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The Parliamentary Challenge

Legislators face enveloping pressure to stand with their side on every major issue.

So much for narrowing the divide.

Whatever else happens, it's already clear that the struggle over health care reform has pulled the plug, at least for now, on President Obama's hope of defusing Washington's polarized partisanship.


It is possible that Obama is facing such resistance from congressional Republicans because his health plan represents a massive ideological overreach. But that explanation is difficult to square with the support for the plan's basic structure from such Republican-leaning groups as hospitals, drug manufacturers, and the American Medical Association, which fought almost all previous reform efforts. Obama told the AMA last summer that he is open to some medical-malpractice reform, a top Republican priority. And for months, he has signaled his willingness to retrench on creating a public competitor to private insurance companies, the idea that most enrages conservatives.

Even so, the plan has provoked grassroots fury on the right and fierce denunciation from congressional Republicans. Conservatives have recoiled from health care reform partly because they see it as the back-breaking straw on an Obama agenda aimed at expanding government on many fronts. But a bigger factor may be the changing nature of the political parties.

America is steadily moving away from the ramshackle coalitions that historically defined our parties and toward a quasi-parliamentary system that demands lockstep partisan loyalty. It is revealing that Obama is facing nearly unanimous Republican opposition on health care just four years after President Bush couldn't persuade a single congressional Democrat to back his comparably ambitious Social Security restructuring.


In this emerging parliamentary system, legislators face enveloping pressure to stand with their side against the other on every major issue. Tellingly, Sens. Max Baucus, D-Mont., and Charles Grassley, R-Iowa, the leaders of the Senate Finance Committee's protracted negotiations, both confronted whispers that they might lose their leadership positions if they conceded too much to the other side. Those threats were reinforced by warnings from Iowa conservatives that Grassley could face a 2010 primary challenge if he backed Baucus. Liberals are similarly threatening Democrats who are resisting reform.

Compounding the pressure has been the development of partisan communications networks -- led by liberal blogs and conservative talk radio -- that relentlessly incite each party's base against the other. Those constant fusillades help explain why presidents now face lopsided disapproval from the opposition party's voters more quickly than ever -- a trend that discourages that party's legislators from working with the White House.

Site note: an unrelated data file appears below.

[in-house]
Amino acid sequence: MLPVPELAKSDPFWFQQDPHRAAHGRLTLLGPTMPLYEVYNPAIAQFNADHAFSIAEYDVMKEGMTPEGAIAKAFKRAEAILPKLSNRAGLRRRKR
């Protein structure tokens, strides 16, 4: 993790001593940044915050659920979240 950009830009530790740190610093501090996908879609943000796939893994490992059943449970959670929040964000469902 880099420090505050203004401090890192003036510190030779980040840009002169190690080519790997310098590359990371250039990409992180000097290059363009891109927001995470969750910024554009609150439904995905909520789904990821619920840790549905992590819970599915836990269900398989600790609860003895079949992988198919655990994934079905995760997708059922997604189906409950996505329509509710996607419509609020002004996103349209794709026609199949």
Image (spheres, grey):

Today, these centrifugal forces most affect the Republican Party. The Right has more leverage to discipline legislators because conservative voters constitute a larger share of the GOP coalition than liberals do of the Democratic Party. The Right's partisan communications network also remains more ferocious than the Left's.

The GOP's homogenization has been accelerated, moreover, by its losses in swing areas since 2006. Far fewer congressional Republicans than Democrats must worry most about moderate public opinion. Fully 31 of the 40 Republican senators, for example, were elected from the 18 ruby-red states that twice backed Bush and also opposed Obama. Just four Republican senators were elected by states that voted Democratic in at least two of the past three presidential elections. (Not coincidentally, those four include Maine's Olympia Snowe and Susan Collins, Obama's best GOP prospects on health care.) By contrast, 22 of the 59 Democratic senators were elected by states that voted Republican in at least two of the past three presidential elections. Legislators from such closely contested terrain instinctively prefer compromise to confrontation. Yet in a parliamentary world, confrontation is often unavoidable.


Party-line governing is intrinsically flawed. Any bill that must pass solely with votes from the majority party can't realistically incorporate ideas that divide the party. And that fact of life rules out half the tools in our policy toolbox. Though medical-malpractice reform would advance Obama's cost-control goals, for instance, it's impractical to include it in legislation that must pass solely with Democratic votes. Legislation is more balanced when both parties shape it.

But with Republicans operating as a parliamentary party of opposition, Democrats will have to pass health care reform virtually, if not entirely, alone. That leaves them with a binary choice: Democrats can either fragment into stalemate or function as a parliamentary majority party by unifying enough to advance their agenda. The choice would seem straightforward. If one side in a firefight is operating with military cohesion and the other devolves into ragged, undirected units, it's not hard to predict which will suffer more casualties.

This article appears in the September 12, 2009 edition of National Journal Magazine.

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